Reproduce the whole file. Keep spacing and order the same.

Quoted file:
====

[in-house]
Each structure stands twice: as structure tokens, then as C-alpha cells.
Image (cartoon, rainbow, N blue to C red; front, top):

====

[in-house]
Each structure stands twice: as structure tokens, then as C-alpha cells.
Image (cartoon, rainbow, N blue to C red; front, top):